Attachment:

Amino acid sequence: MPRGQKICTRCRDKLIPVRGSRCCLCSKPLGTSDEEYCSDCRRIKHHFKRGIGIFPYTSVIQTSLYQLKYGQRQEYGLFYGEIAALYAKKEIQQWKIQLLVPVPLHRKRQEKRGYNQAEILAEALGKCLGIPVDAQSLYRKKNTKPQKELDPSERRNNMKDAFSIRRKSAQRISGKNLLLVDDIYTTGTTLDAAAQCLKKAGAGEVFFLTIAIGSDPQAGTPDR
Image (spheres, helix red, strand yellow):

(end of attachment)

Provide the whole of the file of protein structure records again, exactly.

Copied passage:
Amino acid sequence: MPRGQKICTRCRDKLIPVRGSRCCLCSKPLGTSDEEYCSDCRRIKHHFKRGIGIFPYTSVIQTSLYQLKYGQRQEYGLFYGEIAALYAKKEIQQWKIQLLVPVPLHRKRQEKRGYNQAEILAEALGKCLGIPVDAQSLYRKKNTKPQKELDPSERRNNMKDAFSIRRKSAQRISGKNLLLVDDIYTTGTTLDAAAQCLKKAGAGEVFFLTIAIGSDPQAGTPDR
Image (spheres, helix red, strand yellow):